More Planting - Less Tidying
If you feel a need to 'tidy up' this fall take it inside for a good fall cleaning. Oh, who are we kidding, just forgo that tidy up urge and get outside and plant! Planting native plants is the first step in creating a healthy habitat that supports life. How you maintain your property is the next essential step. And, in the fall that means a whole lot of doing not much of anything at all. The vast majority of insects and invertebrates spend winter right where they spent all summer — just less active and more hidden. So, think twice before you rake, mow, and blow this year. Invertebrates rely on fallen leaves and other organic debris to cover and insulate them from the elements. And don't just leave those leaves, also save the stems. No need to cut down dead perennials, those now hollow stems are home to a remarkable number of cavity nesting beneficial insects. Leaving plants standing also offers winter interest, seed heads for birds and is better for the health of the plants.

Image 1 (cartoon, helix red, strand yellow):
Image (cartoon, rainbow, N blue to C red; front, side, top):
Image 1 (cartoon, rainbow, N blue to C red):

Leaving the leaves and other plant debris doesn’t have to mean sacrificing your yard to the wilderness. The leaves don’t need to be left exactly where they fall. You can rake them into garden beds, around tree bases, or into other designated 'wild' areas. Always avoid shredding leaves with a mower, keeping the leaves whole provides the best cover and protects the insects and eggs already living there. Leaves are not litter, the one place they do not belong is at your curb. To learn more visit the Xerces Society #LeavetheLeaves Campaign Page.